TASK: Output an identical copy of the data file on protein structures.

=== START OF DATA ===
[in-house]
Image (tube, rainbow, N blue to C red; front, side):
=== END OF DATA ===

[in-house]
Image (tube, rainbow, N blue to C red; front, side):